With their Small Town Heroes album, the New Orleans-based, swinging, socially conscious folk collective Hurray For the Riff Raff has officially achieved buzz band status, landing coveted tour slots and a slew of coverage from highbrow and hipster outlets alike.
It wasn’t always this way. Singing, songwriting frontwoman Alynda Lee Segarra, fiddler Yosi Pearlstein and a revolving cast of collaborators experienced plenty of street-corner performing, DIY album-making and relying on the kindness — and couches — of strangers.
And by no means have HFTRR gone soft. If anything, Segarra sounds like she’s emboldened by the spotlight.
CMT Edge: How does where you are right now compare with how you envisioned your career evolving?
Segarra: Me and Yosi do a lot of [vision casting] for the future. And, honestly, what we always envisioned was something like this. Even though it feels really fast, we’re also aware that it’s a slow-moving process. It feels really good to take these steps. … It feels really good to enter into a relationship with ATO [Records] after releasing albums on our own just because they’re comfortable with our vision and what matters to us.
When you opened for Amos Lee at the Ryman Auditorium in Nashville last year, your performance looked and felt different from every other show I’ve seen there.
Yeah, me and Yosi were making jokes to each other. He was like, “I bet you’re one of the first Puerto Ricans to ever play here.” And I was like, “I’m pretty sure you’re the first transgendered fiddle player ever [to play here].” It’s definitely the first time the two have happened at the same time.
You’ve played some intimate shows to passionate fans over the years. What are bigger crowds and bigger venues doing to your connection with the audience?
We’re still learning what that feels like to open up for a bigger band and interact with their audience and be like, “OK, you guys don’t know who we are at all.” … We’re learning how to be more confident. That’s been a good lesson for me as a front person: “OK, we’ve got five songs, and in those five songs, we’re going to play a lot of our feel-good numbers, but we’re always going to play our anti-murder ballad.” Just let people know from the very beginning this is what we’re about.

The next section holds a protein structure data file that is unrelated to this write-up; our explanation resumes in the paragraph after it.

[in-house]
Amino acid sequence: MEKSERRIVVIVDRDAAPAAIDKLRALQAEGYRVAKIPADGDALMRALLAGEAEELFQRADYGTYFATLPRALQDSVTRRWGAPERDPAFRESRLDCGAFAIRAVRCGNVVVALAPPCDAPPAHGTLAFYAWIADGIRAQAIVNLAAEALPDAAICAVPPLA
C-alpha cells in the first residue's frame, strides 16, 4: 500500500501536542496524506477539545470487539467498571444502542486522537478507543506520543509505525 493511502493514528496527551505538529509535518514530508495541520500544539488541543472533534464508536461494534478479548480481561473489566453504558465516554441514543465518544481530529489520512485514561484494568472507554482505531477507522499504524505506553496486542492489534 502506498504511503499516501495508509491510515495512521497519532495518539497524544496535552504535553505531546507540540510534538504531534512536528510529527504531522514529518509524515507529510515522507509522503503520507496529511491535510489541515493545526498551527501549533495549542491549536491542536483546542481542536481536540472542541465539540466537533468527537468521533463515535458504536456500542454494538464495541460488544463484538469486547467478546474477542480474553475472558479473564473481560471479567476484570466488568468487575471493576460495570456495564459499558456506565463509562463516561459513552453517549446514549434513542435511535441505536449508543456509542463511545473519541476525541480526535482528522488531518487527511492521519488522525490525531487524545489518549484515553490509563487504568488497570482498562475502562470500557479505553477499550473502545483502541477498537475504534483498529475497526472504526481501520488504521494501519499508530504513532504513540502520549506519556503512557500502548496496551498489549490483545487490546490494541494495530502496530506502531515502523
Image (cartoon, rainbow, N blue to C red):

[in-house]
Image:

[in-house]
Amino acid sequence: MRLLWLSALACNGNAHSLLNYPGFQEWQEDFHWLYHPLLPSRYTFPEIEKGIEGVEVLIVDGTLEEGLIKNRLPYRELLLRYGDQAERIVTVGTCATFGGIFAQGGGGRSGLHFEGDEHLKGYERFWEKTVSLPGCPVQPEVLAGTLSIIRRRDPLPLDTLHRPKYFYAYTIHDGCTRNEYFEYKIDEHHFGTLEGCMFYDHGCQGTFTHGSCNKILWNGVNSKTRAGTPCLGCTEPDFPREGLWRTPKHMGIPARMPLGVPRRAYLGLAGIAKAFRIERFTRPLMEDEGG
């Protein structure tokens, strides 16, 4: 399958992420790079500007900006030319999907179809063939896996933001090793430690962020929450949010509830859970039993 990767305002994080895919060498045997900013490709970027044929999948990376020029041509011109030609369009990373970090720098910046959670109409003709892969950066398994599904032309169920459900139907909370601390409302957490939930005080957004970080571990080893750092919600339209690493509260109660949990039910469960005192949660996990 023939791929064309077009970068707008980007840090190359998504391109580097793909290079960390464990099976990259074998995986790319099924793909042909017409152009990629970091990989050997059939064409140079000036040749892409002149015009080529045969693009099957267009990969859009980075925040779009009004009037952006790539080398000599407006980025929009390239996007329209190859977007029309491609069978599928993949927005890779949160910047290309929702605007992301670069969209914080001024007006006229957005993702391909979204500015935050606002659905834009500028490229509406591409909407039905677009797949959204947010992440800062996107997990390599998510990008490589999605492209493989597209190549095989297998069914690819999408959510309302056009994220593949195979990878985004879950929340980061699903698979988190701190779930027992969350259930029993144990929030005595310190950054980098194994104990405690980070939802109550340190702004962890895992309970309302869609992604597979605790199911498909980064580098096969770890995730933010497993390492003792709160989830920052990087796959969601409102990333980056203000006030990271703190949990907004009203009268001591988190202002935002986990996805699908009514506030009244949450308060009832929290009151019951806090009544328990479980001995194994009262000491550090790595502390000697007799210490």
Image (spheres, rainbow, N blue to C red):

As things progress, you’ll get to see what it looks like to have a fan base made up of those who’ve just discovered you and those who once let you crash on their floor.
In Boston, this guy came up to us and was like, “Do you guys remember sleeping on my floor?” And I totally was like, “You had the really good Thai food in the fridge! I remember you so vividly!” He said, “Whoa, you guys are doing awesome.” It was really fun.
Considering you spent your adolescence in an activist punk scene, I’m surprised you haven’t had more political content in your songs before now. What’s made you want to address violence in new songs like “St. Roch Blues” and “The Body Electric”?
I think New Orleans has taught me a lot about what it means to be a songwriter and be a witness to so much violence that’s going on in the city.
With “St. Roch Blues” specifically — me and Sam Doores wrote that together — that’s about this rash of violence that happened in the neighborhood I lived in for years, just watching it affect my really good friends. I’m really privileged in that I didn’t grow up in that neighborhood. A lot of those people, they’ve had to witness it over and over again. And, for me, it was my first time being like, “Wow. Somebody I knew was murdered.”
That was a big wakeup call. “OK, if I’m gonna live in this city, if I’m gonna travel around and tell everybody that my band is based out of there and wear that city everywhere I go, I have to do it the justice of talking about what’s really hurting the people that live there.”
There are so many different ways violence in our culture is fascinating to me. The murder ballad song [“The Body Electric”] is another really good example. I heard somebody play a new song that they wrote, and it’s just so casually about killing their girlfriend. I’m like, “Do you even know what you’re saying?”
They put it in this form: “Oh, it’s kinda like a traditional song. So you can detach yourself from it.” And it’s that detachment that I really want to break down. With my song, I want to say, “This is what it sounds like to me when you stop detaching yourself from a song like that. You’re saying that you want to hurt me because I’m a woman.”
In the opening song “Blue Ridge Mountain,” there’s a real contrast between your smooth, almost crooning vocal delivery and Yosi’s rawboned, Appalachian-style fiddle playing. What would you say has shaped your sense of what good singing is?
My idea of what good singing is, it always changes because it’s so much about the person. Really, I feel like anybody’s a good singer as long as I feel like I’m getting a little bit of their soul when they sing. And it can be totally off-key.
But when it comes to me, you’re so much harder on yourself, you know? I’ve been really trying to learn how to use my voice in a way that doesn’t sound too smooth but also is challenging for me — just trying to make it as powerful as I can.
So you’re trying not to sound smooth?
Yeah, actually. … It’s definitely not something I ever want to do. But I’ve also learned like I just sound like that. I went through a period where I was like, “Man, I wish I sang like Janis Joplin or somebody that’s so different than what I can do.” And you reach a point where you’re like, “This is what I sound like. I should just go for it.”